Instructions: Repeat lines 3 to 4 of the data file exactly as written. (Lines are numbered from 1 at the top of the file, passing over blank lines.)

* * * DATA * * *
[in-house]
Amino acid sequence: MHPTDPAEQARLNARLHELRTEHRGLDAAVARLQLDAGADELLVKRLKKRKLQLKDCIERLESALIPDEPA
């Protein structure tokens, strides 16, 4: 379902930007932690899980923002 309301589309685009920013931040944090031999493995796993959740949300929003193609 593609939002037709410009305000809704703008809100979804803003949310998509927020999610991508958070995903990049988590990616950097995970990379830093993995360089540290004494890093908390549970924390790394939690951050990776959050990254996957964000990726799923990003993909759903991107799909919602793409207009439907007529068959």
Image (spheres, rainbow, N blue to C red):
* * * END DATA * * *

């Protein structure tokens, strides 16, 4: 379902930007932690899980923002 309301589309685009920013931040944090031999493995796993959740949300929003193609 593609939002037709410009305000809704703008809100979804803003949310998509927020999610991508958070995903990049988590990616950097995970990379830093993995360089540290004494890093908390549970924390790394939690951050990776959050990254996957964000990726799923990003993909759903991107799909919602793409207009439907007529068959």
Image (spheres, rainbow, N blue to C red):